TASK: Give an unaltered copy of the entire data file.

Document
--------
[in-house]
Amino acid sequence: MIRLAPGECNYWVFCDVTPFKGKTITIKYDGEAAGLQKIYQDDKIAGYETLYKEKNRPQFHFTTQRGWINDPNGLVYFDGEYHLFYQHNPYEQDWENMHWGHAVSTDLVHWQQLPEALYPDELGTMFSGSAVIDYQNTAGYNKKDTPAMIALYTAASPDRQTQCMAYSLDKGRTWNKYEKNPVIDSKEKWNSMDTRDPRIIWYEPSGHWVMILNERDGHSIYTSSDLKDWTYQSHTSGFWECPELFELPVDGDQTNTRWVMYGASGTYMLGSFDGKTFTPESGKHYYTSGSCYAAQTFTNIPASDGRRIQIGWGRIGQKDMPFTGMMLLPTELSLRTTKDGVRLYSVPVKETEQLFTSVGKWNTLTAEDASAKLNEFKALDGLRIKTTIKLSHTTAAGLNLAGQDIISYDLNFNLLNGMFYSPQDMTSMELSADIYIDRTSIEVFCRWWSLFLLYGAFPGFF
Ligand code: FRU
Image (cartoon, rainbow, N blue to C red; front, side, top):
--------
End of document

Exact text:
[in-house]
Amino acid sequence: MIRLAPGECNYWVFCDVTPFKGKTITIKYDGEAAGLQKIYQDDKIAGYETLYKEKNRPQFHFTTQRGWINDPNGLVYFDGEYHLFYQHNPYEQDWENMHWGHAVSTDLVHWQQLPEALYPDELGTMFSGSAVIDYQNTAGYNKKDTPAMIALYTAASPDRQTQCMAYSLDKGRTWNKYEKNPVIDSKEKWNSMDTRDPRIIWYEPSGHWVMILNERDGHSIYTSSDLKDWTYQSHTSGFWECPELFELPVDGDQTNTRWVMYGASGTYMLGSFDGKTFTPESGKHYYTSGSCYAAQTFTNIPASDGRRIQIGWGRIGQKDMPFTGMMLLPTELSLRTTKDGVRLYSVPVKETEQLFTSVGKWNTLTAEDASAKLNEFKALDGLRIKTTIKLSHTTAAGLNLAGQDIISYDLNFNLLNGMFYSPQDMTSMELSADIYIDRTSIEVFCRWWSLFLLYGAFPGFF
Ligand code: FRU
Image (cartoon, rainbow, N blue to C red; front, side, top):